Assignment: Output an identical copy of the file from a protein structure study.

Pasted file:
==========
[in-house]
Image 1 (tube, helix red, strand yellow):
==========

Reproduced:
[in-house]
Image 1 (tube, helix red, strand yellow):